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NATIONAL PEOPLE'S ACTION v. CITY OF BLUE ISLAND

April 11, 1984

NATIONAL PEOPLE'S ACTION, PLAINTIFF,
v.
CITY OF BLUE ISLAND, ILLINOIS, DEFENDANT.



The opinion of the court was delivered by: Getzendanner, District Judge:

MEMORANDUM OPINION AND ORDER

This action under the Civil Rights Act of 1871, 42 U.S.C. § 1983 ("§ 1983"), is before the court on the motion for partial summary judgment of plaintiff National People's Action ("NPA") against the City of Blue Island ("Blue Island"). NPA challenges the constitutional validity of one of Blue Island's ordinances, both on its face and as applied. The 1958 ordinance in controversy, entitled "An Ordinance Regulating Peddlers, Solicitors and Canvassers and Providing for Permits and Fees Therefor," No. 2005, as amended in 1966 by No. 2009, contains several provisions that allegedly violate NPA's rights under the first and fourteenth amendments to the United States Constitution. As relief, NPA seeks a declaratory judgment that the ordinance violates the first and fourteenth amendments of the United States Constitution, an injunction enjoining future enforcement of the ordinance, actual damages, costs, and reasonable attorneys' fees.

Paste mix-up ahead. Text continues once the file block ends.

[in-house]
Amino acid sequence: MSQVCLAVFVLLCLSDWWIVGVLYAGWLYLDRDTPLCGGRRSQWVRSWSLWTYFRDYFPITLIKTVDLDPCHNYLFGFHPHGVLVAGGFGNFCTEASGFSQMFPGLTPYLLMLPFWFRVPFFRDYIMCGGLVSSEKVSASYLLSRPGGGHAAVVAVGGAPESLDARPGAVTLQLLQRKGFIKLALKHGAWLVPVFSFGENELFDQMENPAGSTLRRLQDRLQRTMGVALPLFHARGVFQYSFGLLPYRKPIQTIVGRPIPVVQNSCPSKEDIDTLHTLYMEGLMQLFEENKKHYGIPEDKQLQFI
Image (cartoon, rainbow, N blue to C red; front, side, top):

Briefly described, plaintiffs' allegations charge that on July 25, 1983, NPA agent Amy McGee requested information of Blue Island on how to engage in canvassing, leafletting, petitioning, and soliciting of funds in Blue Island. Several communications between Blue Island officials and agents of NPA ensued in which NPA requested permission to conduct these activities in Blue Island. These communications culminated in a letter from Stan Lukas, president of the Blue Island Chamber of Commerce, denying NPA's request because the city "had been inundated this year with not only our own tag days but also outside requests to canvass our community. . . ." NPA alleges that but for this enforcement of the ordinance, NPA would engage in leafletting, petitioning, and solicitation of funds in Blue Island.

Plaintiffs move for partial summary judgment "on the issue of liability — the constitutionality of the municipal ordinance in question . . ." (Plaintiff's Motion for Partial Summary Judgment p. 1.) The contents of the 1958 and 1966 documents are not in dispute. (See Memorandum in Opposition pp. 1, 2 nn. 1-2.) Neither is it disputed that Lukas sent the letter denying a permit to NPA on August 2, 1983. (Blue Island Answer ¶ 11.) The contents of that letter are not disputed. (Id.) Blue Island admits that it is an Illinois municipality and that its actions in denying NPA's request for a permit were taken under color of state law. (Id. at ¶¶ 5, 14.) Indeed, Blue Island admits that the ordinance was unconstitutionally applied to NPA's request, although it contends that the ordinance is facially constitutional. (Memorandum in Opposition p. 1.) Before the court may inquire into the constitutionality of the ordinance, however, it must address Blue Island's argument that the case is moot, as no case or controversy is alleged.

Mootness